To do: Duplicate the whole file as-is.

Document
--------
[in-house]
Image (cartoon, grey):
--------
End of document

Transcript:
[in-house]
Image (cartoon, grey):